Our overall goal is to identify how breast cancer cells modulate transcription in surrounding bone marrow stroma to engender a supportive environment. Despite the importance of cancer cell-stromal interactions, current approaches are poorly suited to analyze the effect of cancer cells on their microenvironment (and vice versa) while within tumors. Our specific project uses a novel cell-specific metabolic labeling strategy to identify stromal genes that are necessary for cancer growth in vivo. We hypothesize that bone metastatic breast cancer growth requires reprogramming of specific bone marrow stromal transcripts that can be discovered through stromal-specific metabolic mRNA labeling, functionally validated in the intact tumor microenvironment and confirmed in clinical bone metastatic breast cancer samples.
Specific Aims of this project are to: 1. Measure reprogramming of active transcription in human bone marrow stromal cells and in marrow-derived mesenchymal stem cells (MSCs) resulting from direct contact with breast cancer cells. The approach exploits a protozoan enzyme (UPRT) to enable cell-type specific transcript labeling without requiring microdissection or cell separation. Global reprogramming of stromal cells during direct contact with highly bone-metastatic and less metastatic cancer cells will be measured. 2. Generate stromal cell variants that are resistant to cancer-induced or -repressed transcription of key stromal pathways and test their effect on cancer cell survival, growth and motility in vitro. Suppression of the marrow stromal cell response to cancer cells is predicted to inhibit the growth or motility of breast cancer cells in vitro. We will target genes including cancer-induced stromal NF-?B and Stat1 and cancer-repressed stromal Wnt5a, which our preliminary data implicate as candidate mediators of tumorigenic crosstalk. 3. Determine whether reprogramming of select stromal genes are necessary and/or sufficient for stroma to promote carcinogenesis in vivo, and measure in vivo changes in cell-specific transcription in different tumor microenvironments.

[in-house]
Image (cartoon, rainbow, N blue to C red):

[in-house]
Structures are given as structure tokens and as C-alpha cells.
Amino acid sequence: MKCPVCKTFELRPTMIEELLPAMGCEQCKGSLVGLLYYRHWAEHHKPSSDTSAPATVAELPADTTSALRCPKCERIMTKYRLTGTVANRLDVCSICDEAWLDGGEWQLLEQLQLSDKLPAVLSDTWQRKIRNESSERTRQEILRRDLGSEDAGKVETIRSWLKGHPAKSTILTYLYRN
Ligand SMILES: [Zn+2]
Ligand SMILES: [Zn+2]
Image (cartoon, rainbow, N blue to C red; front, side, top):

This aim tests the hypothesis that reactive changes in select bone marrow stromal genes are necessary for stroma to promote carcinogenesis in vivo. Orthotopic and intraosseous xenograft models combining cancer cells and manipulated stroma are used. 4. Validate stromal reprogramming and stromal effects on cancer in clinical samples. Stromal genes induced (or repressed) in Aims 1-3 are predicted to be induced (or repressed) in clinical samples of bone metastatic breast cancer. Completion of these aims will for the first time identify and functionally validate cancer induced changes in bone marrow stromal transcription as it occurs in vivo; conversely, this will also be the first analysis of stromal-induced changes in breast cancer cell transcription as it occurs in vivo. While this proposal focuses on bone metastases, these methodologies may be applied to other metastatic sites. Our work sets the stage for profiling of specific cells in the tumor environment as they respond to, or resist, pharmacotherapy, radiotherapy, or immunotherapy.

Public Health Relevance

Bone metastases cause much of the suffering of advanced breast cancer. It is believed that the cancer cells change the bone marrow environment to make it more hospitable. This proposal seeks to measure for the first time which genes are turned on in normal bone marrow cells (stromal cells) by breast cancer cells that are touching them as this occurs. We will then identify how the cancer cells within growing tumors in mice change their own gene transcription in response to the molecular cues from adjacent bone marrow cells. We will test whether some of these signals have arisen in bone specimens containing breast cancer. Learning this information will guide us in selecting drugs to treat metastatic breast cancer that interrupt specific responses of the stromal cells to the cancer cells and vice versa.

National Institute of Health (NIH)
National Cancer Institute (NCI)
Research Project (R01)
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Tumor Microenvironment Study Section (TME)
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Sathyamoorthy, Neeraja
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University of Pittsburgh
Internal Medicine/Medicine
Schools of Medicine
United States
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